Gross Pay vs. Net Pay: Explanation and Examples
If you run a company, you’ll almost certainly have come across the terms “gross pay” and “net pay” as part of your payroll operations. But what do these terms actually mean?
Below, we discuss gross pay vs. net pay and how to calculate both for your employees.
Gross vs. Net Pay
Gross pay is what you pay employees before taxes and deductions. It’s the salary you quote when you’re recruiting staff. For instance, a company might advertise for a marketing manager, paying $45,000 per year plus benefits.
Gross pay and net income (also called “take-home pay”) are not the same. You’ll notice that net pay is, by definition, lower than gross pay. That’s because it’s calculated by subtracting taxes and deductions from gross pay (and then adding benefits or allowances).
Employers typically highlight net pay in bold on pay stubs since this is the money the employee actually receives into their bank account. Employees in the systems of income tax withholding (“pay-as-you-earn” or PAYE) never receive their gross pay. If you have the right software, payroll sends taxes automatically to the IRS.
Gross Income vs. Net Pay: Deductions
Gross monthly income is all of the pay an employee receives as compensation for their work. Net pay is the total income minus any deductions.
As stated above, apart from some very unusual circumstances, net pay is lower than gross pay. Deductions from gross pay fall into two categories: voluntary and involuntary deductions.
Involuntary deductions include:
- Payroll taxes (Social Security - or FICA - and Medicare taxes)
- Federal taxes
- State taxes
- Local income taxes
Employers may also make voluntary deductions on the employee’s behalf. For instance, workers may see further reductions in their take-home pay due to:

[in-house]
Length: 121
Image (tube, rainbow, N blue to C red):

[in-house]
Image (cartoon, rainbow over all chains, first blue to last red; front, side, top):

- Union dues
- Equipment and uniform costs
- Pension contributions
- 401(k) deductions
- Health savings account deductions
- Flexible savings account deductions
In most cases, you can opt out of these payments. For instance, employees don’t have to make pension contributions or put money into a health savings account.
For most voluntary deductions, the money remains the worker’s, whereas for involuntary deductions, it doesn’t. For instance, an employee will eventually be able to access the funds in their 401(k) account whereas they can’t get back any taxes they owe (unless they’ve paid more than they should).
In most cases, there is a penalty for accessing savings early. For instance, employees may have to pay a fee to their pensions provider for early release. HR departments can inform workers about the types of penalties they’re likely to face if they want to access their cash today. This information is something you, as an employer, can include in the employee handbook.
How To Calculate Gross Pay
Now that we’ve discussed the gross pay definition, it’s time to find out how to calculate it. How calculations proceed depends on whether the employee gets paid hourly, weekly, or monthly.
Gross annual income is simply the sum of weekly or monthly paychecks. For instance, if an employee receives a wage of $3,000 per month, then their gross annual income is just $3,000 multiplied by 12 – the number of calendar months in the year. If their weekly income is $1,000, then their annual pay is $52,000.
Here is a table showing how many payrolls are necessary per year depending on the frequency of the payroll accounting period:
|Pay period||Example||Payrolls per year|
|Daily||You pay employees at the end of the day, say at 5 p.m.||365|
|Weekly||You pay employees every Friday evening||52|
|Biweekly||You pay employees every fortnight, such as a Friday||26|
|Semimonthly||You pay employees twice a month, for example, on the 1st and then the 15th||24|
|Monthly||You pay employees once per month, say on the 27th||12|
If employees receive pay by the hour, then calculating gross pay is a little more challenging. For instance, you might have an employee earning $15 per hour, working 40 hours per week, on average. This would imply a weekly pay of $600.
For payroll purposes, you’ll usually calculate their expected income and then pay taxes on their behalf based on this. Then, if they earn less than expected, they can apply for a tax rebate.